2. The Twilight Saga: Breaking Dawn – Part 1 (2011)
Breaking Dawn – Part 1 spiced up what was becoming a very stagnant franchise.
The film experimented with making fun of itself for the first time, which created a light-hearted and playful atmosphere that counterbalanced the bold and distressing adventures with blood-drinking and vampire pregnancies.
After a lavish teen wedding and some falling out with both friends and family members, Edward and Bella head out on a romantic honeymoon on which Bella very quickly and unexpectedly falls pregnant with Edward’s vampire child. To Bella’s dismay, she learns that despite his rather conservative views on pre-marital sex, Edward is pro-choice. Although the pregnancy rapidly begins to drain the life from Bella, she adamantly refuses to give the child up, she grows skeletal and weak, and is only able to consume cups full of human blood that her unborn monster craves. Twilight, New Moon and Eclipse have their roots firmly grounded in young adult romance tropes, whereas Breaking Dawn lets go of this vision and instead embraces the Horror iconography its mythical characters originate from.
Breaking Dawn – Part 1 takes Bella, Edward and Jacob completely out of their comfort zones, showing us new elements of their previously established personalities. Bella finally finds something more important to her than Edward, and we see her claim back some of her agency in her strong determination to carry her baby to full term. The control Edward has over Bella begins to dissipate, and his unwavering strength crumbles when he realises he can neither force Bella to bend to his will or be responsible for saving her life. Jacob’s reliable loyalty and friendship are called into question when he turns his back on his werewolf pack to protect Bella. Despite his determination to look out for Bella, his deep hatred for her pregnancy sees him down a dark path upon which he reveals himself capable of extreme violence and even potential murder.
Breaking Dawn – Part 1 dared to try new things, and by doing so breathed life back into the franchise. Highs include Anna Kendrick’s wedding speech and Bella’s horrific c-section. Lows include the creepy baby Renesmee, and Jacob’s strange crush on her (that everyone seemed to be overly cool with).
Recommended for you: Every ‘Sweeney Todd: The Demon Barber of Fleet Street’ Song Ranked
1. Twilight (2008)
The crème de la crème of the franchise is Twilight.
The original movie was a compelling re-imagining of the classic girl meets boy tale, which managed to fulfill all of our deepest emo fantasies.
Despite most studios choosing to reject the original script due to box office worries, Catherine Hardwicke saw something in the forbidden love of the lion and the lamb. Free from the constraints of huge studio influence, Hardwicke was free to make Twilight with her own style of independent filmmaking, and managed to make the movie for a mid-budget sum of around 37 million U.S Dollars; the film went on to gross $392.5 million worldwide, almost ten times its production costs.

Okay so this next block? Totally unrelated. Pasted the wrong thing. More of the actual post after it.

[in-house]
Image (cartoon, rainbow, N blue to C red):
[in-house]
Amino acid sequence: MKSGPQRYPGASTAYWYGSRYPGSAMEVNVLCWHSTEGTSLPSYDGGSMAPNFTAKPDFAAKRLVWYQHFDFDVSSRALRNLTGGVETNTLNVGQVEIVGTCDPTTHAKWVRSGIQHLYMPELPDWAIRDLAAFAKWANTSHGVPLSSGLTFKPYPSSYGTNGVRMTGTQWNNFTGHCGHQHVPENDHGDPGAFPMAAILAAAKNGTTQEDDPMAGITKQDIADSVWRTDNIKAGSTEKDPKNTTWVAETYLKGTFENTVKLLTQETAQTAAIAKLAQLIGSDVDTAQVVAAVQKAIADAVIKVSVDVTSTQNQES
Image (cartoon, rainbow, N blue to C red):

Unable to stay with her mother in Arizona, Bella Swann, a clumsy and painfully awkward teenage girl, is forced to move to the small town of Forks, Washington to live with her father. Forks is a place in which it rains around 206 days per year – its dark and gloomy aesthetic artfully captured in Elliot Davis’ cinematography – which foreshadows the ominous creatures Forks counts among its inhabitants. Our shy heroine becomes lab partners with a pale-faced, unknowable boy named Edward Cullen, who she eventually discovers is a vampire with a particular craving for her blood. As soon as Edward catches a whiff of Bella, he gasps, covers his mouth and sits rigidly beside her until he can flee from her presence. This immediately spotlights both the palpable attraction and clear threat Edward poses to Bella, setting up a strong tale of forbidden love.
Twilight dared to dabble with themes of teen lust, sex and fantasy, never before explored with such intensity in pre-existing teenage romance movies. Although Edward wanted to sleep with Bella, he couldn’t trust himself to not drain the life from her, and so the pair isolated themselves in the erotica of abstinence, thus creating an atmosphere so tense and sexually charged it sent audiences batty.
Highlights of the film include the out of this world soundtrack featuring Paramore’s “Decode” and the Cullen family’s iconic baseball game set to Muse’s “Super Massive Black Hole”. Lows included the god-awful line “You’d better hold on spider-monkey” and Bella’s constant lip nibbling.
Written by Leoni Horton
You can support Leoni in the following places: